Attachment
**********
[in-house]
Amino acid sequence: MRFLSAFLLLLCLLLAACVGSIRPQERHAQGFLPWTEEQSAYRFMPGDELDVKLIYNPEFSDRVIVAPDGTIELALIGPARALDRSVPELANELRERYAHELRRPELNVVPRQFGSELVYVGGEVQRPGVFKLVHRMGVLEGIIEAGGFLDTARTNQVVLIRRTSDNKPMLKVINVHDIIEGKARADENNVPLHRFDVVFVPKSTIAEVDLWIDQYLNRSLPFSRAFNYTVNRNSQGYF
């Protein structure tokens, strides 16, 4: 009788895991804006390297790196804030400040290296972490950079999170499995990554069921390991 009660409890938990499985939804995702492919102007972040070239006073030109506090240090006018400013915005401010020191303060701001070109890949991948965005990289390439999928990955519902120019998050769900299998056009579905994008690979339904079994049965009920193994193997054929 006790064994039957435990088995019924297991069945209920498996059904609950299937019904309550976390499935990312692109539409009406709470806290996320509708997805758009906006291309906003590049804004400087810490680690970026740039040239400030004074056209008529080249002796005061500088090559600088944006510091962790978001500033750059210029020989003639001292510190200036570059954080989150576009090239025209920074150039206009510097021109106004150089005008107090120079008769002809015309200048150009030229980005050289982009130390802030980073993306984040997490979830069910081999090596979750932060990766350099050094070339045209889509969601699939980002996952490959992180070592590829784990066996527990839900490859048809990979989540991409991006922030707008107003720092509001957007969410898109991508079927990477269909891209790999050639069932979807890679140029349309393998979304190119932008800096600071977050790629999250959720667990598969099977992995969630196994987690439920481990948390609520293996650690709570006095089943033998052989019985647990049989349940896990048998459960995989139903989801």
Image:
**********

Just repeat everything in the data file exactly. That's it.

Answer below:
[in-house]
Amino acid sequence: MRFLSAFLLLLCLLLAACVGSIRPQERHAQGFLPWTEEQSAYRFMPGDELDVKLIYNPEFSDRVIVAPDGTIELALIGPARALDRSVPELANELRERYAHELRRPELNVVPRQFGSELVYVGGEVQRPGVFKLVHRMGVLEGIIEAGGFLDTARTNQVVLIRRTSDNKPMLKVINVHDIIEGKARADENNVPLHRFDVVFVPKSTIAEVDLWIDQYLNRSLPFSRAFNYTVNRNSQGYF
């Protein structure tokens, strides 16, 4: 009788895991804006390297790196804030400040290296972490950079999170499995990554069921390991 009660409890938990499985939804995702492919102007972040070239006073030109506090240090006018400013915005401010020191303060701001070109890949991948965005990289390439999928990955519902120019998050769900299998056009579905994008690979339904079994049965009920193994193997054929 006790064994039957435990088995019924297991069945209920498996059904609950299937019904309550976390499935990312692109539409009406709470806290996320509708997805758009906006291309906003590049804004400087810490680690970026740039040239400030004074056209008529080249002796005061500088090559600088944006510091962790978001500033750059210029020989003639001292510190200036570059954080989150576009090239025209920074150039206009510097021109106004150089005008107090120079008769002809015309200048150009030229980005050289982009130390802030980073993306984040997490979830069910081999090596979750932060990766350099050094070339045209889509969601699939980002996952490959992180070592590829784990066996527990839900490859048809990979989540991409991006922030707008107003720092509001957007969410898109991508079927990477269909891209790999050639069932979807890679140029349309393998979304190119932008800096600071977050790629999250959720667990598969099977992995969630196994987690439920481990948390609520293996650690709570006095089943033998052989019985647990049989349940896990048998459960995989139903989801």
Image: